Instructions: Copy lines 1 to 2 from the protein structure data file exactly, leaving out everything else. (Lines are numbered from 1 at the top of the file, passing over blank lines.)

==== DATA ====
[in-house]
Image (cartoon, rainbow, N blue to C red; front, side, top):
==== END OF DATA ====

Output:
[in-house]
Image (cartoon, rainbow, N blue to C red; front, side, top):